Because I knew so little about my father's family, I went back to the one document I had that might
be of some use. It was an old envelope that once held a deed to a cemetery plot at Holy Cross Cemetery in Malden, Massachusetts and on the front was the address of the plot. Most cemeteries are very cooperative, and for a small fee will send you particulars about a cemetery plot. What I got back from Holy Cross was a list of the Cook relatives buried there and the ages at death and internment dates. This gave me some great clues to go on to solve the mystery of Mary Feely, my great grandmother who seemed to vanish after the 1930 census. Eventually, when the 1940 census was released I found her in a rest home in Roxbury. From there it was a matter of sending for a death certificate and THAT gave me the names of two great-great grandparents in Ireland.
After I'd been doing this a while, I discovered FindaGrave. This is an effort to catalog online all the cemeteries and the folks buried there. If you have a city or better yet the name of a graveyard, a volunteer may have made an entry for your family member or may have taken a photograph of a gravestone. I found LOTS of my Rogers relatives this way. I joined and made a few entries of my own. Through the kindness of a member of the local historical society, I now have this photo for my Civil War ancestor, Winslow Brainard Rogers.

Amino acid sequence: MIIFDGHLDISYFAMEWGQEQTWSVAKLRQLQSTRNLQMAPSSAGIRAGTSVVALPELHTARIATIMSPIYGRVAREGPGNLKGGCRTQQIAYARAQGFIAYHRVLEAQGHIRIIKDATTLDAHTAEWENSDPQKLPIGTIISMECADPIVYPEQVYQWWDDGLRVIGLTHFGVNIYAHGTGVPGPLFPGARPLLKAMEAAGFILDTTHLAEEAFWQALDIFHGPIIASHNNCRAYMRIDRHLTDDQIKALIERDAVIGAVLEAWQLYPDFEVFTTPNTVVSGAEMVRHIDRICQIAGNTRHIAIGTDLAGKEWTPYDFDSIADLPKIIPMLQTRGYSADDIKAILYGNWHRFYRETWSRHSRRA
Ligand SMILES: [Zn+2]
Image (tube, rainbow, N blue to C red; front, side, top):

This is the memorial stone put up for him by the Civil War Veterans society. Another kind person went to the town hall and added a photo of the inscription there which includes his name.
You can also put in a photo request. The chances of getting to Malden anytime soon are slim so when I got to the Fitzgerald side of the tree I turned to this service. I knew my grandmother, grandfather and probably my great grandparents were also in Holy Cross. I put in a photo request and crossed my fingers... I had to go back and give the volunteer a little more information, but an 800 number call to Holy Cross gave up the Avenue and Plot. And now I have this memorial at FindaGrave.
Turns out that family finances were tight in 1896/97, so the grandparents and great grandparents are apparently under one stone.
The blue links are a way to link one family member to another. So once you find one relation, you can often get information for an entire family. Be careful however, I have frequently found that these entries have differences in dates and other information from the official records. The cemetery often got information from family members and the FindaGrave entries are done by volunteers or family members as well. The happy news is finding an entry with lots of biographical information: what he did for a living, who he married and in what order, military service, etc.
There is another somewhat newer site called BillionGraves. I haven't explored their site extensively, but it seems to work in very much the same way. Both places rely on volunteers to put up memorials and take photographs that have been requested. The polite thing to do would be to fill a request with a trip to the local cemetery. When it gets a little cooler, I'll go over to Hollywood Cemetery and see what I can do to pay it forward.